People detained under the Mental Health Act dying at three times the rate of those held in prisons

New report from government advisory body warns deaths in custody remain ‘far too high’

Amy-Clare Martin
Crime Correspondent
Tuesday 23 April 2024 04:32 BST
A new report has warned deaths in custody remain high
A new report has warned deaths in custody remain high (iStock/Getty)

People detained under the Mental Health Act are dying at three times the rate of those held in prisons, figures have revealed.

A new report from a government advisory body has warned that deaths in custody remain “far too high”, with those detained under the Mental Health Act most at risk.

The Independent Advisory Panel on Deaths in Custody (IAPDC) analysed deaths in prisons, police custody, immigration detention, and under the MHA between 2017 and 2021.

The report found that while prisons have the highest number of deaths, with an average of 322 deaths per year, patients detained under the MHA have the highest mortality rate when taking into account the time spent in custody and numbers of people in each setting.

An average of 263 people died while detained under the MHA each year for the past five years, with a spike in 2020 when 363 people died.

Meanwhile an average of 18 people died in police custody each year, the report found, as well as one death each year taking place in an immigration removal centre.

People in custody under the age of 40 have the highest rate of suicide and other unnatural deaths, while men continue to have a significantly higher rate of overall deaths across all custody settings.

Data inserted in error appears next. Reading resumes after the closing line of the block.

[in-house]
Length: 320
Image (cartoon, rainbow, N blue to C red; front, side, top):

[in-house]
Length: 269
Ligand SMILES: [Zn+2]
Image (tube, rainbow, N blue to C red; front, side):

However researchers said data gaps, especially on deaths under the MHA, mean it is not possible to identify the rate of deaths by race, ethnicity, or gender across hospitals and police custody.

The IAPDC has called for urgent improvements to the way data is recorded, published, and shared to foster a culture of continuous improvements in mental health detention.

The advisory body has also stressed its longstanding concern over the lack of independent scrutiny of deaths under the MHA.

Unlike deaths in prisons, police custody, and immigration detention which are independently investigated prior to an inquest, deaths in secure health settings are often investigated by the same trust responsible for the patient’s care.

The IAPDC has called for independent investigation of these deaths to address the significant gap in learning and accountability needed to help prevent future deaths.

The findings come after The Independent revealed separate figures showing 15,000 people died while under the care of community mental health services in just one year. The figures, which relate to deaths between March 2022 and March 2023, can be revealed after a concerned insider handed the secret report to this publication. 

Lynn Emslie, Chair of the IAPDC, called for government action to help keep people safe in custody.

She said: “Each death in custody is devastating and has far-reaching impact. When a death does occur, it should raise searching questions for public services and the government about their ability to keep people under their care safe.

“I urge the government and all those involved in the care of people in detention to heed the findings of this report.”

Professor Seena Fazel, IAPDC member who conducted the statistical analysis with his colleague Dr Amir Sariaslan at the University of Oxford, added: Our analysis shows that the number and rate of deaths in custody remain high. The availability, accessibility, and transparency of high-quality data is integral to our understanding of these deaths to help inform effective interventions.

“Despite the substantially elevated rate of deaths of individuals under the Mental Health Act, data in this area remains poor and inconsistent compared with other custody settings.”

A Department of Health and Social Care spokesperson said: “People detained under the Mental Health Act need urgent treatment for a mental health disorder and are at risk of harm to themselves or others.

“We are committed to improving the safety of patients detained under the Mental Health Act and providing quality care for all patients. We have moved quickly to identify ways we can improve mental health inpatient care including commissioning an independent, rapid review and a separate, national safety investigation into mental health inpatient settings.”

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